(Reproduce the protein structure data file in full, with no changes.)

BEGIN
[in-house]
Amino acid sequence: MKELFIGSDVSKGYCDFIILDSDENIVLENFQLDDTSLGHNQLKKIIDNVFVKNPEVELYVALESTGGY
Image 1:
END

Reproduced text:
[in-house]
Amino acid sequence: MKELFIGSDVSKGYCDFIILDSDENIVLENFQLDDTSLGHNQLKKIIDNVFVKNPEVELYVALESTGGY
Image 1: